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An interesting confluence of comments and news came on the subject of “in-game” betting in the United States in the past week, including a mention of it by NBA commissioner Adam Silver.
In-game betting goes by a number of different names — including “in-play” wagering or live betting. But it all boils down to the same idea: betting on something to occur during a sporting contest, after play has already started.
The niche type of sports betting exists in the United States, but it’s not terribly widespread. In-game betting only accounts for 10 to 15 percent of the Nevada sportsbook handle at properties that offer it (according to this report at Covers.com).
In-game betting is far more common overseas, especially in Europe. It is most popular in soccer, where the slow pace of the game lends itself to betting on outcomes within the game (i.e. who will score the next goal).
So that was why it was interesting that the topic of in-game betting came up in several different ways in the U.S. sports scene in the past few weeks.
Silver, it has been well-reported, is a proponent of having legalized, regulated sports betting in the United States. His op-ed in the New York Times and a cover story for ESPN The Magazine made that abundantly clear already.
The newest wrinkle in Silver’s sports betting stance came on an appearance on “Boomer & Carton” on CBS Sports Network last week. Mostly, he was putting out the same case for regulated sports betting we’ve heard from him before.
There was a small nugget in the interview that was pretty intriguing, however. Silver had brought up the subject of in-game prop betting Europeans do on soccer matches — more than ones — and then this exchange happened:
Host Boomer Esiason: “Well, it’s like Cantor Gaming out in Vegas, that’s what they have.”
Silver: “Exactly, and we spent a lot of time with them, studying what they are doing.”
Silver moved quickly into bringing up the topic of daily fantasy sports, but his one-off statement about Cantor (now CG Technology) certainly should raise some eyebrows.
Silver, or at least some of his staff at the league office, has apparently thought about and learned a lot about in-game betting. To what end? It would certainly be interesting to find out. But it seems safe to guess it has been done with an eye toward the future of regulated sports betting.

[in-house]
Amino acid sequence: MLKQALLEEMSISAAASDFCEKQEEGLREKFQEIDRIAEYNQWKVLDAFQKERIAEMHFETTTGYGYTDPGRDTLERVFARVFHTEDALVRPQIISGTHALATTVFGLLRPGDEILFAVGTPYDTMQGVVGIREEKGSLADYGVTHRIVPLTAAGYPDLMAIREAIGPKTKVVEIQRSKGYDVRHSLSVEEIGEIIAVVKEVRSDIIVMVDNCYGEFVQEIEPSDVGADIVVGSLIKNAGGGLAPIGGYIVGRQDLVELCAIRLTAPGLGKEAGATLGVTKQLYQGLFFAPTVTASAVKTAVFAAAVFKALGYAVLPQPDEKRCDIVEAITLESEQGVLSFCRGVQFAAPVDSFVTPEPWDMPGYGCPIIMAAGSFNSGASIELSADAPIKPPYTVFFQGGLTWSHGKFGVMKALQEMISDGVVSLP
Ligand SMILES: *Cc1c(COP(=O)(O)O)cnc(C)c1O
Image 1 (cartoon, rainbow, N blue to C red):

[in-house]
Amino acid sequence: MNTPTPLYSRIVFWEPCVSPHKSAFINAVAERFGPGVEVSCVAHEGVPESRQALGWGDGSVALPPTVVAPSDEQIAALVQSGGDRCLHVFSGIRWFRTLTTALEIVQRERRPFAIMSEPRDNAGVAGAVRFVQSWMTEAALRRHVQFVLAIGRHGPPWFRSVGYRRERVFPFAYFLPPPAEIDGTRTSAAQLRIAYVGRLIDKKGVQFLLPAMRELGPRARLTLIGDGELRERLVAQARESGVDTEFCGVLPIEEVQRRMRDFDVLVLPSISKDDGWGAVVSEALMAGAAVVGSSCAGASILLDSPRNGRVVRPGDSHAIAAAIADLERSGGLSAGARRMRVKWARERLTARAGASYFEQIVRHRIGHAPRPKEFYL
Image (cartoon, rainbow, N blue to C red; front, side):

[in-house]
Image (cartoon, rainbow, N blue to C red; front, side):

You can watch the interview below:
Interestingly, this news about CG came out a few days later:
— David Payne Purdum (@DavidPurdum) April 26, 2015
It comes at a time when in-game betting has started gaining some traction in the U.S. Of course, the NFL, because of the game’s popularity and more deliberate pace, is by far the most wide-spread use of in-game betting technology in the U.S.
So a pause in wagering and a relaunch before the NFL season is hardly a huge issue for CG. It has not been publicized why the move was made, however.
Silver wasn’t the only one talking about in-game betting. Washington Capitals owner Ted Leonsis, talking with Sports Illustrated Now, started his comments on sports betting by saying he thought Silver is spot on. (NHL commissioner Gary Bettman has been far less outspoken than Silver on regulated sports betting.)
Here’s part of what he said (or watch here):
I think we’re living in this real-time, technical trading world, and there’s so much betting that goes on. I think this first iteration that we’re seeing, with the DraftKings kind of phenomenon and this daily interactive gaming, it makes sense. You’re going to have wallets on your phone. People now are going to start to make wagers in a real-time way. You know, “I think he’s going to make a pass instead of take the shot.” And you’ll be able to instantly move money back and forth. So it’s better to get in front of it.”
Again, the idea of in-game sports betting came up, even though it’s not terribly popular in the U.S. At least not yet.
Why the talk and interest in in-game betting all of the sudden? It’s likely a coincidence. But it also shows that sports betting in general — and in-game betting in specific — are constantly on the radar of the major U.S. sports leagues.